Arjen Vrielink and I write a monthly series titled: Parallax. We both agree on a title for the post and on some other arbitrary restrictions to induce our creative process. For this post we agreed to write about a new technology using Linux Format‘s “What on Earth is …?” style (see example on Android). We did not agree on a particular technology and we would get bonus points for a nice pixellated image to accompany the post. You can read Arjen’s post with the same title here.
RSS Cloud? I am getting a bit tired of this cloud computing trend.
Yes, I also think that cloud computing is slightly over hyped. However RSS Cloud is not about cloud computing. It is about bringing real-time updates to the RSS protocol.
I have only just grasped what RSS is. Only the technorati seem to use it, normal computer users have no idea.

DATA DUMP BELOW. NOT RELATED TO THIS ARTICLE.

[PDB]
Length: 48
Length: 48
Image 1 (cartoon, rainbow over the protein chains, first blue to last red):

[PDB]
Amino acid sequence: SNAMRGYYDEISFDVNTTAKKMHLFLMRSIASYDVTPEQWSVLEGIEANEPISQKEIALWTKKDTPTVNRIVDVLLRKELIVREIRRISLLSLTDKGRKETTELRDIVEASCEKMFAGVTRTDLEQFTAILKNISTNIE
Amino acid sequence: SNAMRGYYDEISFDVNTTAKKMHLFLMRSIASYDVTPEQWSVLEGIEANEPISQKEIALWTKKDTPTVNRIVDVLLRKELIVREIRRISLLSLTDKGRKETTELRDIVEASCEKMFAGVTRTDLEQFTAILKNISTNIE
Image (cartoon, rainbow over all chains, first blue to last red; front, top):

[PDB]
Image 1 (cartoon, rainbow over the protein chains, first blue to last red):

Indeed: most people have no idea what RSS is or how they can use it. They still visit all their favourite news sites one after the other to check whether something new has been posted. However even people that don’t understand it often use it. If you download podcasts through iTunes you are using RSS technology. Furthermore RSS is the technological glue for many of the popular mashup sites. You don’t need to understand a technology for it to be useful to you.
Fair enough, so how would you explain RSS Cloud to a lay person?